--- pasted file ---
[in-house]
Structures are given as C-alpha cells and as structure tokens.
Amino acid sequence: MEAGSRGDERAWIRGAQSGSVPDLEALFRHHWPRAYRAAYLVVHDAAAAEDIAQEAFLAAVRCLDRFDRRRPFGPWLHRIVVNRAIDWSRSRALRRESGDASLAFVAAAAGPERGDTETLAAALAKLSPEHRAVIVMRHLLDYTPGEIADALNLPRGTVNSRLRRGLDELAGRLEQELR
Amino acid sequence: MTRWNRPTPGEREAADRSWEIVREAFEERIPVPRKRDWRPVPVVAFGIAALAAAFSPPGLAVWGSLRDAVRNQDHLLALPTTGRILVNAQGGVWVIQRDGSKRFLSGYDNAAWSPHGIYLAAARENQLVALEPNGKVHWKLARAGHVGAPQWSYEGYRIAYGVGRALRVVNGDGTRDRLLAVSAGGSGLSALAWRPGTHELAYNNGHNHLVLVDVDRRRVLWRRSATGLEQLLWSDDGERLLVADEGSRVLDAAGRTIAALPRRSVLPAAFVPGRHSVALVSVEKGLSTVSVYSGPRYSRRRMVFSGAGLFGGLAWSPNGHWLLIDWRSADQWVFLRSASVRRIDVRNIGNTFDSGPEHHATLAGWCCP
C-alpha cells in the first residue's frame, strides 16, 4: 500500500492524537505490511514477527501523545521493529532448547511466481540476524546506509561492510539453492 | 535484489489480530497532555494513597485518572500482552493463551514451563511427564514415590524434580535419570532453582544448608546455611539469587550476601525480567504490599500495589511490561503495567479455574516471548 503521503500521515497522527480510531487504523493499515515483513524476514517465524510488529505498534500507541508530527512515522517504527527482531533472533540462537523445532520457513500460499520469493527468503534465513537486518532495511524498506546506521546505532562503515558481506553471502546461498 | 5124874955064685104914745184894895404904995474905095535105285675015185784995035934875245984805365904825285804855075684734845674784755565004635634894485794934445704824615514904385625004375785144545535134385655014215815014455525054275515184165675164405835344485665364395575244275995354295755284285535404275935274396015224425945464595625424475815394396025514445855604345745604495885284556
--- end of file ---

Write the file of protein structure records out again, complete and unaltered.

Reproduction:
[in-house]
Structures are given as C-alpha cells and as structure tokens.
Amino acid sequence: MEAGSRGDERAWIRGAQSGSVPDLEALFRHHWPRAYRAAYLVVHDAAAAEDIAQEAFLAAVRCLDRFDRRRPFGPWLHRIVVNRAIDWSRSRALRRESGDASLAFVAAAAGPERGDTETLAAALAKLSPEHRAVIVMRHLLDYTPGEIADALNLPRGTVNSRLRRGLDELAGRLEQELR
Amino acid sequence: MTRWNRPTPGEREAADRSWEIVREAFEERIPVPRKRDWRPVPVVAFGIAALAAAFSPPGLAVWGSLRDAVRNQDHLLALPTTGRILVNAQGGVWVIQRDGSKRFLSGYDNAAWSPHGIYLAAARENQLVALEPNGKVHWKLARAGHVGAPQWSYEGYRIAYGVGRALRVVNGDGTRDRLLAVSAGGSGLSALAWRPGTHELAYNNGHNHLVLVDVDRRRVLWRRSATGLEQLLWSDDGERLLVADEGSRVLDAAGRTIAALPRRSVLPAAFVPGRHSVALVSVEKGLSTVSVYSGPRYSRRRMVFSGAGLFGGLAWSPNGHWLLIDWRSADQWVFLRSASVRRIDVRNIGNTFDSGPEHHATLAGWCCP
C-alpha cells in the first residue's frame, strides 16, 4: 500500500492524537505490511514477527501523545521493529532448547511466481540476524546506509561492510539453492 | 535484489489480530497532555494513597485518572500482552493463551514451563511427564514415590524434580535419570532453582544448608546455611539469587550476601525480567504490599500495589511490561503495567479455574516471548 503521503500521515497522527480510531487504523493499515515483513524476514517465524510488529505498534500507541508530527512515522517504527527482531533472533540462537523445532520457513500460499520469493527468503534465513537486518532495511524498506546506521546505532562503515558481506553471502546461498 | 5124874955064685104914745184894895404904995474905095535105285675015185784995035934875245984805365904825285804855075684734845674784755565004635634894485794934445704824615514904385625004375785144545535134385655014215815014455525054275515184165675164405835344485665364395575244275995354295755284285535404275935274396015224425945464595625424475815394396025514445855604345745604495885284556